Title

What About Librarianship in LIS Curricula?

Document Type

Presentation

Abstract

Over the past 20 years, Library and Information Science (LIS) programs have greatly diversified what they teach beyond librarianship to include many related, relevant topics, like information needs, human computer interaction, information policy, or knowledge management. As they have done so, many LIS programs have re-positioned themselves within universities as I-Schools with explicit teaching and research agendas addressing information broadly—and even dropping the “L” word from their names. However, this intellectual expansion raises important questions: How important is librarianship to the curricula of a School or Department of LIS or to an I School? How important is librarianship to graduates of these I-Schools or LIS Schools and Departments? To what degree is librarianship specific to the curricula of these Departments and Schools, providing them an educational niche distinct from those occupied by other information educators, such as Departments of Computer Science or Communication? Possible answers to these questions are: First, librarianship provides something essential to people by addressing perennial limits people have as to intellectual content, e.g. by addressing people’s inability to consume all existing content by putting it into smaller, understandable content collections. Second, at least historically, most graduates in LIS or I-Schools have worked in libraries because they provide librarianship, a service essential to people, making librarianship very important to the graduates’ careers. Third, librarianship either is or can be a niche very specific or even unique to LIS Departments or I-Schools, providing them a great curricular opportunity. This SIG Session will address these questions and their proposed answers, spurring conversation and consideration of these important issues.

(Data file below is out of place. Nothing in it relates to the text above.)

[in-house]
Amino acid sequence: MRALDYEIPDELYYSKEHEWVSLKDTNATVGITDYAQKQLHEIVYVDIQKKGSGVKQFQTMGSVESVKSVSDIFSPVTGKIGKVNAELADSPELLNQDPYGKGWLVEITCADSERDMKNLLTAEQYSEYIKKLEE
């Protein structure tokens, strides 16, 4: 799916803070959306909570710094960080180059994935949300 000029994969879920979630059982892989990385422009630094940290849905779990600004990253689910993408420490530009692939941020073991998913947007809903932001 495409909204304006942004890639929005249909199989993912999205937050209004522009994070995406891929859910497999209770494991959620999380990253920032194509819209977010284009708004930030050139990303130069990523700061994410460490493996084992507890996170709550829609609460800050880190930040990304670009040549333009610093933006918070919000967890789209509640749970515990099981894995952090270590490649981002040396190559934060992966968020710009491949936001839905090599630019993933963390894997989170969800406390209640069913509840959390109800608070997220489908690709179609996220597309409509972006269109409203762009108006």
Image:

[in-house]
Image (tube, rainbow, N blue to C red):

APA Citation

Edgar, W., Ha, Y., Jordan, J, Rathbun-Grubb, S. (2020). What About Librarianship in LIS Curricula (Curriculum SIG). Presented at the annual conference of the Association for Library and Information Science Education, virtual, October 21, 2020.

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